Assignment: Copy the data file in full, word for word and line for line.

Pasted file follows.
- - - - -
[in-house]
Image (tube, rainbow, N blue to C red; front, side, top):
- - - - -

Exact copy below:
[in-house]
Image (tube, rainbow, N blue to C red; front, side, top):